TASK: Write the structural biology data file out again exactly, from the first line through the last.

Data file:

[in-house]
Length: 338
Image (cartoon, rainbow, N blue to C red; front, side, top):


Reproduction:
[in-house]
Length: 338
Image (cartoon, rainbow, N blue to C red; front, side, top):